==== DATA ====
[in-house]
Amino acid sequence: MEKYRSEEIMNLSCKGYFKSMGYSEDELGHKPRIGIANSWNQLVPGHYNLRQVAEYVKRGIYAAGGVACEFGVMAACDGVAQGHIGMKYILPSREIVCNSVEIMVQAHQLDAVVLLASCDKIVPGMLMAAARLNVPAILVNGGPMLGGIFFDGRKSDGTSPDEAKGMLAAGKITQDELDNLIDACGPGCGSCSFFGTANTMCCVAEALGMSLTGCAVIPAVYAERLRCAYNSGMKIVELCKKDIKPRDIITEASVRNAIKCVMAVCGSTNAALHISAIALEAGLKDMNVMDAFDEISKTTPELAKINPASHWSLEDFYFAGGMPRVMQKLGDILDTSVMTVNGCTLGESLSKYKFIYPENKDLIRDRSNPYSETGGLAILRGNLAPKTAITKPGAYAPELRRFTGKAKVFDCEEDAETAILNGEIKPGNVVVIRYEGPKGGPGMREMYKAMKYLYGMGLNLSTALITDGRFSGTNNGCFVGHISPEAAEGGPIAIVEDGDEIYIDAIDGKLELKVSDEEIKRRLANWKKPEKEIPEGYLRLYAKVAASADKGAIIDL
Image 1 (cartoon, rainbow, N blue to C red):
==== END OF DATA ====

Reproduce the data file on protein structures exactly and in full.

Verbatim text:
[in-house]
Amino acid sequence: MEKYRSEEIMNLSCKGYFKSMGYSEDELGHKPRIGIANSWNQLVPGHYNLRQVAEYVKRGIYAAGGVACEFGVMAACDGVAQGHIGMKYILPSREIVCNSVEIMVQAHQLDAVVLLASCDKIVPGMLMAAARLNVPAILVNGGPMLGGIFFDGRKSDGTSPDEAKGMLAAGKITQDELDNLIDACGPGCGSCSFFGTANTMCCVAEALGMSLTGCAVIPAVYAERLRCAYNSGMKIVELCKKDIKPRDIITEASVRNAIKCVMAVCGSTNAALHISAIALEAGLKDMNVMDAFDEISKTTPELAKINPASHWSLEDFYFAGGMPRVMQKLGDILDTSVMTVNGCTLGESLSKYKFIYPENKDLIRDRSNPYSETGGLAILRGNLAPKTAITKPGAYAPELRRFTGKAKVFDCEEDAETAILNGEIKPGNVVVIRYEGPKGGPGMREMYKAMKYLYGMGLNLSTALITDGRFSGTNNGCFVGHISPEAAEGGPIAIVEDGDEIYIDAIDGKLELKVSDEEIKRRLANWKKPEKEIPEGYLRLYAKVAASADKGAIIDL
Image 1 (cartoon, rainbow, N blue to C red):